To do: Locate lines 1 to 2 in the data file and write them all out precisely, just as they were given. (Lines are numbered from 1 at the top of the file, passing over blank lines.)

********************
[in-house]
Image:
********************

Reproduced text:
[in-house]
Image: